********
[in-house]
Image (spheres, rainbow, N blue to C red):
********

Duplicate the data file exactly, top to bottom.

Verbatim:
[in-house]
Image (spheres, rainbow, N blue to C red):